Changes in prices of oil directly affect the exchange rate of the countries i.e. an increase in oil price leads to an appreciation in the exchange rate in oil exporting countries and depreciation in oil importing countries. The research paper, “Examining crude oil price-Exchange rate nexus for India during the period of extreme oil price volatility” published by Sajal Ghosh in “Applied Economics” in 2011, probes crude oil price-exchange rate nexus for India using daily data for the time span of July 2, 2007-November 28, 2008. Generalized Auto-Regressive Conditional Heteroscedasticity (GARCH) and exponential GARCH (EGARCH) models have been employed to examine the impact of oil price shocks on nominal exchange rate  . The study concludes that Indian currency depreciates vis-à-vis US dollar when the oil price return increases; positive and negative oil price shocks have similar effects, in terms of magnitude, on exchange rate volatility; and the oil price shocks have permanent effect on exchange rate volatility.
In the research paper, “The impact of oil shocks on exchange rates: A Markov-switching approach” by the author Syed Abul, Basher, Alfred, A. Haug and Perry Sadorsky (published in the journal, “Energy Economics” February 2016), Markov-switching models are used to investigate the impact of oil shocks on real exchange rates for a sample of oil exporting and oil importing countries  .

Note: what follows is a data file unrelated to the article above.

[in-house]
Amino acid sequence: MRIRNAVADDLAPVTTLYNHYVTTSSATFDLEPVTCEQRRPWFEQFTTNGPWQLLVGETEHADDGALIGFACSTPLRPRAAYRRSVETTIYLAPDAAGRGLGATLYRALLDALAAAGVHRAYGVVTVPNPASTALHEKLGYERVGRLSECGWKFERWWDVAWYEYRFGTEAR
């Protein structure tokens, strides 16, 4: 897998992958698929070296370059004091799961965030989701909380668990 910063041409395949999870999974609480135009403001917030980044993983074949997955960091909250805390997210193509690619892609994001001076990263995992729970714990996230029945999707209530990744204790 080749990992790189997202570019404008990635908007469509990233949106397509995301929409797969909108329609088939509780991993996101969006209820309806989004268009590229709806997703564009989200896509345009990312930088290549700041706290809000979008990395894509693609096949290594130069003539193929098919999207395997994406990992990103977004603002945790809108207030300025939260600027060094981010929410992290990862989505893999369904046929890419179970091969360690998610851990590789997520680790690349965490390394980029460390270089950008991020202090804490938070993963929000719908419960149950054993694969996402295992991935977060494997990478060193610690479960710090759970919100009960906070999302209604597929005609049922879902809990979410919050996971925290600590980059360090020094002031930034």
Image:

In the research Topic “Oil price shocks and stock market activity” by author Perry Sadorski (published in “Energy Economics” 1 in October 1999), the purpose of study is that the result obtained from a vector auto regression show that oil prices and oil price volatility both play important roles in affecting real stock returns  .
In the research paper, “The impact of oil price shocks on the stock market return and volatility relationship” by the author Wensheng Kang, Ronald A. Ratti and Kyung Hwan Yoon (published in “Journal of International Financial Markets, Institutions and Money” in January 2015), the purpose of study is that this paper examines the impact of structural oil price shocks on the covariance of U.S. stock market return and stock market volatility  .